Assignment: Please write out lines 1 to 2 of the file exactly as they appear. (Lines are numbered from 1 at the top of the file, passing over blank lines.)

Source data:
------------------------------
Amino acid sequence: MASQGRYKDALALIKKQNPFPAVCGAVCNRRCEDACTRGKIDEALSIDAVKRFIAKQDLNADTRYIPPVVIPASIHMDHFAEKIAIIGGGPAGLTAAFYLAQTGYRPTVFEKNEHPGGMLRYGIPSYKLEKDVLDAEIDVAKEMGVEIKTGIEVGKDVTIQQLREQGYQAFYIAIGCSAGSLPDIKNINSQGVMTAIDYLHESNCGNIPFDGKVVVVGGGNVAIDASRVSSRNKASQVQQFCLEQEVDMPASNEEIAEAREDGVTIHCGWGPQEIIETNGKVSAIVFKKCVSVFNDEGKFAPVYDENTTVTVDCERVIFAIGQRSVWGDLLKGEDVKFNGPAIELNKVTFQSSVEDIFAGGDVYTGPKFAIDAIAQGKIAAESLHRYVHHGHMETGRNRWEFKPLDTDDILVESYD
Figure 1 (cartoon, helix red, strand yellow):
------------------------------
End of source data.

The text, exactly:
Amino acid sequence: MASQGRYKDALALIKKQNPFPAVCGAVCNRRCEDACTRGKIDEALSIDAVKRFIAKQDLNADTRYIPPVVIPASIHMDHFAEKIAIIGGGPAGLTAAFYLAQTGYRPTVFEKNEHPGGMLRYGIPSYKLEKDVLDAEIDVAKEMGVEIKTGIEVGKDVTIQQLREQGYQAFYIAIGCSAGSLPDIKNINSQGVMTAIDYLHESNCGNIPFDGKVVVVGGGNVAIDASRVSSRNKASQVQQFCLEQEVDMPASNEEIAEAREDGVTIHCGWGPQEIIETNGKVSAIVFKKCVSVFNDEGKFAPVYDENTTVTVDCERVIFAIGQRSVWGDLLKGEDVKFNGPAIELNKVTFQSSVEDIFAGGDVYTGPKFAIDAIAQGKIAAESLHRYVHHGHMETGRNRWEFKPLDTDDILVESYD
Figure 1 (cartoon, helix red, strand yellow):